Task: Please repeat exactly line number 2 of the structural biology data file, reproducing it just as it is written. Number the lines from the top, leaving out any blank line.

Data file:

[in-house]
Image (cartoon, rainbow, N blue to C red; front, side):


Image (cartoon, rainbow, N blue to C red; front, side):